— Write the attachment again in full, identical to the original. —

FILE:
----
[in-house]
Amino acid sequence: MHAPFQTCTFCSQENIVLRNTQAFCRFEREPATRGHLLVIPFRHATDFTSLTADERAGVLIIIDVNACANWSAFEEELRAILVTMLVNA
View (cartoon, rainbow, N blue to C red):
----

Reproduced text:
[in-house]
Amino acid sequence: MHAPFQTCTFCSQENIVLRNTQAFCRFEREPATRGHLLVIPFRHATDFTSLTADERAGVLIIIDVNACANWSAFEEELRAILVTMLVNA
View (cartoon, rainbow, N blue to C red):